A: I personally haven’t been to an Indian restaurant in the States that served goat, but we had lal maans (mutton curry) several times during our trip. Some restaurants prepared it better than others: the first version I had was too bony, but subsequent attempts were much improved.
The most exotic meal we had included bottle gourd curry, lily root curry, and desert beans. The chef said bottle gourd doesn’t taste very good but is great for your health. Despite his warning, I enjoyed it and even asked for more: it tasted a bit like a denser version of loofah. The lily root had a denser texture than potatoes, and the desert beans reminded me of mushrooms. We had some fascinating foraged foods: asafoetida is made from a gum produced in the mountains of Afghanistan, and desert beans are pulled off of rocks in dry season.
Another surprise: when I got some samosas from a small shop on the corner, their paper plates had math questions on them. No wonder everyone in India is so smart!
My absolute favorite dessert was when we got kulfi (homemade ice cream) from one of the vendors on the beach in Mumbai. He sold a wide variety of flavors, including the exotic chickoo (zapota) and sitalfi (custard apple) for ₹40 each. The ice cream bases are poured into cylindrical containers, pushed out like a Push-Pop, then sliced and cut into bite-sized pieces to order.
Q: How did the naan compare?
A: It was amazing everywhere, and I loved the variety of fillings you could get. (FYI, naan is leavened bread made with all-purpose flour, usually cooked in a tandoor oven.) Yes, plain, garlic, and onion options are readily available, but the cheese chili naan I tried on my last night in Goa was mind-blowing. When I ordered it, I wondered what kind of meat soup was going to go on the naan, but it turned out to be sliced green chilies: even better!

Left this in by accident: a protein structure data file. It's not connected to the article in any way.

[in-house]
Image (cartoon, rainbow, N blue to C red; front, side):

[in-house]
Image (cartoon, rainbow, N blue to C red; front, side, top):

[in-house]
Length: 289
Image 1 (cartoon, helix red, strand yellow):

The more frequently eaten breads during my stay were roti/chapati, which is unleavened whole wheat bread cooked dry (i.e., without oil).
Q: How easy was it to communicate with the locals?
A: My contact with locals was fairly limited to those working at hotels and restaurants on the tour, but even the kids spoke English well and in one instance invited us to play a game of pittu (seven stones) with them on the street. You do have to be aware of how most people will ask for money if you take their photo, including the kids.
I would strongly recommend that you not give money to beggars as it cultivates an undesirable dynamic between locals and tourists. Instead, chat with them and build a relationship for cultural exchange.
Q: Anything else that was surprising?
A: India is the only country I’ve been to that has not only the normal hour change from other time zones, but it is also 30 minutes off. Originally when I updated my wristwatch to match Indian Standard Time, I thought my watch battery was causing a 30-minute delay.
I had a great time with my tour group: there were ten of us, plus Pancham, who guided us expertly through both North and South India. Five of us were from the USA, four were from Australia, and one was from Switzerland. I miss them all and hope to see them again somewhere!